Harvard Law students are asking school administrators to help them obtain law licenses without having to take the bar exam, citing the CCP virus pandemic.
In an April 2 letter, nearly 200 law students set to graduate this year asked Harvard Law School to publicly support "emergency diploma privilege" which would allow them to practice law without taking the bar exam. They also urged school administrators to send a statement supporting the privilege to the Supreme Judicial Court of Massachusetts, which announced last week that the state bar would be postponed to a to-be-determined date in the fall.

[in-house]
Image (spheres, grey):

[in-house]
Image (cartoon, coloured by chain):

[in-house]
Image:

The states' decision came after the National Conference of Bar Examiners, which develops the test, offered a separate exam this fall for jurisdictions that cancelled or delayed their exams scheduled for July amid the ongoing pandemic. The letter alleged that postponing the test would disproportionately affect minority students.
"Just as our colleagues in medical schools have been called upon to join the front lines fighting COVID-19, so too are attorneys needed to fight for the rights of individuals most affected by this pandemic," the letter read.
Law students from other jurisdictions that use the Uniform Bar Exam have also sent open letters to bar examiners, urging them to grant emergency diploma privileges. In New York, approximately 1,000 students from 15 law schools sent a letter on March 26 to the State Bar of New York’s Task Force on the New York Bar Examination, which dismissed their demand.